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IN THE GROUNDS OF COLEORTON, THE SEAT OF SIR GEORGE BEAUMONT, BART.
THE embowering Rose, the Acacia, and the Pine,
Will not unwillingly their place resign;
If but the Cedar thrive that near them stands,
Planted by Beaumont's and by Wordsworth's hands.
One wooed the silent Art with studious pains,—
These Groves have heard the Other's pensive strains;
Devoted thus, their spirits did unite
By interchange of knowledge and delight.
May Nature's kindliest powers sustain the Tree,
And Love protect it from all injury!
And when its potent branches, wide out-thrown,
Darken the brow of this memorial Stone,
llere may some Painter sit in future days,
Some future Poet meditate his lays;
Not mindless of that distant age renowned
When Inspiration hovered o'er this ground,
The haunt of Him who sang how spear and shield
In civil conflict met on Bosworth Field;
And of that famous Youth, full soon removed
From earth, perhaps by Shakspeare's self approved,
Fletcher's Associate, Jonson's Friend beloved.
IN A GARDEN OF THE SAME.
Orr is the Medal faithful to its trust
When Temples, Columns, Towers are laid in dust;
And 't is a common ordinance of fate
That things obscure and small outlive the great:
Hence, when yon Mansion and the flowery trim
Of this fair Garden, and its alleys dim,
And all its stately trees, are passed away,
This little Niche, unconscious of decay,
Perchance may still survive.-And be it known
That it was scooped within the living stone,-
Not by the sluggish and ungrateful pains
Of labourer plodding for his daily gains;
But by an industry that wrought in love,
With help from female hands, that proudly strove
To aid the work, what time these walks and bowers
Were shaped to cheer dark winter's lonely hours.
WRITTEN AT THE REQUEST OF SIR GEORGE BEAUMONT, BART.,
AND IN HIS NAME, FOR AN URN, PLACED BY HIM AT
THE TERMINATION OF A NEWLY-PLANTED AVENUE,
IN THE SAME GROUNDS.
Ya Lime-trees, ranged before this hallowed Urn,
Shoot forth with lively power at Spring's return;
And be not slow a stately growth to rear
Of Pillars, branching off from year to year,
Till they have learned to frame a darksome Aisle;-
That may recal to mind that awful Pile
Where Reynolds, mid our Country's noblest Dead,
In the last sanctity of fame is laid.
-There, though by right the excelling Painter sleep
Where Death and glory a joint sabbath keep,
Yet not the less his Spirit would hold dear
Self-hidden praise, and Friendship's private tear:
Hence, on my patrimonial Grounds, have I
Raised this frail tribute to his memory,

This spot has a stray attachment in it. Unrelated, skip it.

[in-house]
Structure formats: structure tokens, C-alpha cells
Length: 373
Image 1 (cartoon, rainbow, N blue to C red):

From youth a zealous follower of the Art
That he professed, attached to him in heart;
Admiring, loving, and with grief and pride
Feeling what England lost when Reynolds died.
FOR A SEAT IN THE GROVES OF COLEORTON.
BENEATH yon eastern Ridge, the craggy Bound,
Rugged and high, of Charnwood's forest ground,
Stand yet, but, Stranger! hidden from thy view,
The ivied Ruins of forlorn GRACE DIEU;
Erst a religious House, which day and night
With hymns resounded, and the chanted rite:
And when those rites had ceased, the Spot gave birth
To honourable Men of various worth:
There, on the margin of a Streamlet wild,
Did Francis Beaumont sport, an eager Child;
There, under shadow of the neighbouring rocks,
Sang youthful tales of shepherds and their flocks;
Unconscious prelude to heroic themes,
Heart-breaking tears, and melancholy dreams
Of slighted love, and scorn, and jealous rage,
With which his genius shook the buskined Stage.
Communities are lost, and Empires die,
And things of holy use unhallowed lie;
They perish,-but the Intellect can raise,
From airy words alone, a Pile that ne'er decays.
WITH A PENCIL UPON A STONE IN THE WALL OF THE
HOUSE (AN OUT-HOUSE) ON THE ISLAND AT
RUDE is this Edifice, and Thou hast seen
Buildings, albeit rude, that have maintained
Proportions more harmonious, and approached
To somewhat of a closer fellowship
With the ideal grace. Yet, as it is,
Do take it in good part:-alas! the poor
Vitruvius of our village had no help
From the great City; never, on the leaves
Of red Morocco folio saw displayed
The skeletons and pre-existing ghosts
Of Beauties yet unborn, the rustic Box,
Snug Cot, with Coach-house, Shed, and Hermitage.
Thou see'st a homely Pile, yet to these walls
The heifer comes in the snow-storm, and here
The new-dropped lamb finds shelter from the wind.
And hither does one Poet sometimes row
His Pinnace, a small vagrant Barge, up-piled
With plenteous store of heath and withered fern,
(A lading which he with his sickle cuts
Among the mountains) and beneath this roof
He makes his summer couch, and here at noon
Spreads out his limbs, while, yet unshorn, the Sheep,
Panting beneath the burthen of their wool,
Lie round him, even as if they were a part
Of his own Household: nor, while from his bed
Ile through that door-place looks toward the lake
And to the stirring breezes, does he want
Creations lovely as the work of sleep,
Fair sights and visions of romantic joy!
WITH A SLATE-PENCIL ON A STONE, On the side of
THE MOUNTAIN OF BLACK COMB.
STAY, bold Adventurer; rest awhile thy limbs
On this commodious Seat! for much remains
Of hard ascent before thou reach the top
Of this huge Eminence,-from blackness named,
And, to far-travelled storms of sea and land,
A favourite spot of tournament and war!